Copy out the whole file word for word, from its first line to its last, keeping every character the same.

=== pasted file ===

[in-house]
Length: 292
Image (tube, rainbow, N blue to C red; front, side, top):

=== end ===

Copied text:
[in-house]
Length: 292
Image (tube, rainbow, N blue to C red; front, side, top):